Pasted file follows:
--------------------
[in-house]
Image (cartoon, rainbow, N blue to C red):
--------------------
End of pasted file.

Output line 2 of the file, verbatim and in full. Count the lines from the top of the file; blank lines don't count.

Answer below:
Image (cartoon, rainbow, N blue to C red):